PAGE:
A team of researchers, including one of Indian origin, has built a special material that could make future devices consume nearly 100 times less energy than today s electronics. The new type of material sandwiches together individual layers of atoms, producing a thin film with magnetic polarity that can be flipped from positive to negative or vice versa with small pulses of electricity. Also Read - Arvind Krishna will take over as CEO of IBM, James Whitehurst to be PresidentAlso Read - Lenovo Legion C730 Cube and Y25f-10 Monitor Review: Convenient and impressive
The material could be used by device manufacturers in the future to store the binary digits that underpin computing devices. Known as a magneto-electric multiferroic material, it combines electrical and magnetic properties at room temperature and relies on a phenomenon called “planar rumpling.” The total global energy consumption is projected to grow to 40-50 percent by 2030 and this new innovation is touted as a huge step towards taming the energy consumed by everyday appliances. What brings the attention of device makers to room-temperature multiferroics is that they require much less power to read and write data than today s semiconductor-based devices. Also, the data doesn’t vanish when the power is shut off, making it more energy efficient. Also Read - Xiaomi could introduce a new Mi Notebook on November 6
“Electronics are the fastest-growing consumer of energy worldwide,” said one of the study authors, Ramamoorthy Ramesh from Lawrence Berkeley National Laboratory in the US.
“Today, about 5 percent of our total global energy consumption is spent on electronics, and that’s projected to grow to 40-50 percent by 2030 if we continue at the current pace and if there are no major advances in the field that lead to lower energy consumption,” Ramesh said. ALSO READ: Google joins Facebook-led OCP to help develop affordable and energy efficient data infrastructure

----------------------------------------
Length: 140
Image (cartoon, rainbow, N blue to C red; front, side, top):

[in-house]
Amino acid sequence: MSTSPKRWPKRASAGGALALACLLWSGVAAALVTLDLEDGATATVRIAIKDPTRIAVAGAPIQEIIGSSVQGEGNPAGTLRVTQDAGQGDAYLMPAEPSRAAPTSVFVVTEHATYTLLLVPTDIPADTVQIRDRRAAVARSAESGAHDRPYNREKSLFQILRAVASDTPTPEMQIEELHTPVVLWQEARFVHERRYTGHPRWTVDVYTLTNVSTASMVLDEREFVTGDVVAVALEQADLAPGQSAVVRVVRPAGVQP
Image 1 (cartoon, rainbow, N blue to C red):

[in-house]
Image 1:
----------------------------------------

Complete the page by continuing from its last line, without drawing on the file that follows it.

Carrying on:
“Before this work, there was only one other room-temperature multiferroic whose magnetic properties could be controlled by electricity,” said John Heron, assistant professor at University of Michigan who worked on the material with researchers at Cornell University.
“That electrical control is what excites electronics makers, so this is a huge step forward,” Heron noted.
Properties like low amount of power required and no loss of data when the power is shut off could enable devices that require only brief pulses of electricity instead of the constant stream that’s needed for current electronics, using an estimated 100 times less energy.
A paper on the work was published in the journal Nature.